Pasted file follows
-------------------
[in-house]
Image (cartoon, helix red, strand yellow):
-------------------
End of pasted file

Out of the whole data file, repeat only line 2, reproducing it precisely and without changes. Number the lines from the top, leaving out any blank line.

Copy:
Image (cartoon, helix red, strand yellow):